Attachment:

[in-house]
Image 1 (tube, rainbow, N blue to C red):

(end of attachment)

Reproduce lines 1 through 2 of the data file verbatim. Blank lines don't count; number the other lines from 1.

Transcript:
[in-house]
Image 1 (tube, rainbow, N blue to C red):